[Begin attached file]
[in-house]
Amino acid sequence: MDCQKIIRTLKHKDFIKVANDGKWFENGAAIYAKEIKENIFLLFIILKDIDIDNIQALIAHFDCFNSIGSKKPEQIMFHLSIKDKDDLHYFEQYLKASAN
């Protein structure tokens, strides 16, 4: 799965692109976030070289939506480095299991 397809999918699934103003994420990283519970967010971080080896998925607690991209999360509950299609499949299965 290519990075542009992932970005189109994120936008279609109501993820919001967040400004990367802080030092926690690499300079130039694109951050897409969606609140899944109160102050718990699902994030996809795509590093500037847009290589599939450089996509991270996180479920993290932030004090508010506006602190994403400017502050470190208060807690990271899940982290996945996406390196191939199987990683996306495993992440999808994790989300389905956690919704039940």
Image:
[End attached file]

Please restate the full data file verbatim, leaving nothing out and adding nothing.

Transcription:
[in-house]
Amino acid sequence: MDCQKIIRTLKHKDFIKVANDGKWFENGAAIYAKEIKENIFLLFIILKDIDIDNIQALIAHFDCFNSIGSKKPEQIMFHLSIKDKDDLHYFEQYLKASAN
């Protein structure tokens, strides 16, 4: 799965692109976030070289939506480095299991 397809999918699934103003994420990283519970967010971080080896998925607690991209999360509950299609499949299965 290519990075542009992932970005189109994120936008279609109501993820919001967040400004990367802080030092926690690499300079130039694109951050897409969606609140899944109160102050718990699902994030996809795509590093500037847009290589599939450089996509991270996180479920993290932030004090508010506006602190994403400017502050470190208060807690990271899940982290996945996406390196191939199987990683996306495993992440999808994790989300389905956690919704039940």
Image: